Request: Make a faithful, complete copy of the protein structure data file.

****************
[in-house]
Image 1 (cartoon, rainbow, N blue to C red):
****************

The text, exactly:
[in-house]
Image 1 (cartoon, rainbow, N blue to C red):